Recommended to me by: Kim Hillis, PT
If this book didn’t cost $70, I would be telling every client and practitioner to buy one right now. Both scientific and playful, it offers the latest research about understanding and healing chronic pain.
The sensation of pain is the brain’s response to perceived threat. Until it is interpreted by the brain, pain is (just) an electrical and chemical signal.
Pain is initially associated with tissue damage and inflammation (acute pain). Sometimes the pain response continues after the tissue has gone through the healing process (chronic pain).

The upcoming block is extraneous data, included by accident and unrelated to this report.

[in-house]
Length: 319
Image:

Pain does not always correlate with tissue damage, especially with chronic pain. As pain continues, the nervous system adapts by making the pain signal easier to trigger. Emotional stress and beliefs about pain can contribute to triggering pain in a frustrating negative cycle.
The body’s representation in the brain (the homonculus) becomes “smudged” in areas of chronic pain. This can be corrected with gentle movement, retraining the brain to represent the body more accurately.
“Hurt does not always equal harm.” A sensitized nervous system can be retrained and calmed through gradual increases in activity. Having fun and varying the context of a painful movement can help retrain the nervous system.
Explain Pain blog: explainpain.blogspot.com